Good nutrition is important at every stage of life, but never more so than during the first two years of life. Research has identified that the first 1000 days of life – that is from conception to the second birthday – is a kind of golden window where the right nutrition is crucial for optimal growth and development. As this includes pregnancy, it highlights the importance and beneficial effects of healthy maternal nutrition on infant development.
Dr Joanna McMillan explains a little about the importance of The First 1000 Days
What happens during this window has the potential to affect lifelong health and risk of chronic disease, brain development with effects on IQ and behaviour, and the ‘setting’ if you like of the body computer that controls all aspects of metabolism.
It’s also the period when the gut bacteria, also called the gut microbiota, is established and this is essential for immune function, gut health and all sorts of numerous knock on effects. For most of us, birth is the beginning of setting up the gut bacteria, when bubs pass through the birth canal and get exposed to their mother’s microbes for the first time.
The gut bacteria continue to develop during an infant’s first months of life and stabilise around two-years of age. We’re learning that these good gut bugs also need the right nutrition to flourish, and that while an individual’s gut bacteria environment becomes highly stable over time, the composition and activities of the gut bugs can be affected by diet and the environment. This all really does underscore the importance of good nutrition during the first 1000 days of life.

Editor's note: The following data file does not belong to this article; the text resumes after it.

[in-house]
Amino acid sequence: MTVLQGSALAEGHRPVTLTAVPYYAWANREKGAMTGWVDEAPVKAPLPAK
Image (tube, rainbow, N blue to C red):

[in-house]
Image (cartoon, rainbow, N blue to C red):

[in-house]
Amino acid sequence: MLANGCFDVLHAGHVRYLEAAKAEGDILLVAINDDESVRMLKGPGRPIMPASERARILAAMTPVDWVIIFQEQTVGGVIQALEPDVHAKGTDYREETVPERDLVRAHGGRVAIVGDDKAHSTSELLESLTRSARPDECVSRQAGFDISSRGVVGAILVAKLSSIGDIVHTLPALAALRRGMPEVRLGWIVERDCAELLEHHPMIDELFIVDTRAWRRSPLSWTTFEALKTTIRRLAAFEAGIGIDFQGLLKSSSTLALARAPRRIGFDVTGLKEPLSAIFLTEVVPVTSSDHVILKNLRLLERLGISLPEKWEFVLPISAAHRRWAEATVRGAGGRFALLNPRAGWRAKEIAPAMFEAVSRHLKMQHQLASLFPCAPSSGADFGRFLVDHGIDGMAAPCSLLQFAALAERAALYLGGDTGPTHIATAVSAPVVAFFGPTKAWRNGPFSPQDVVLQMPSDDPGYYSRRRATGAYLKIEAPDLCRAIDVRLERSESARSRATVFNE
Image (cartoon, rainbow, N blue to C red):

Breastfeeding is optimal and the Australian National Health and Medical Research Council recommends exclusively breastfed until around 6 months, at which point solid foods should be introduced. When breastfeeding is not possible or is combined with bottle feeding, infant formula is the required food for babies.
By 12 months, infants should be learning to enjoy a varied diet, to ensure they get all the nutrients they need and so that they can develop the muscles and skills needed for chewing and eating. Milk continues to contribute significantly to their nutrition, providing important nutrients, especially calcium, but be sure to wean your little ones onto a rich and diverse diet, filled with different colour, texture and taste.
This booklet called The First 1000 Days – Nutrition Matters for Life Long Health, has been generously provided by the Early Life Nutrition Coalition.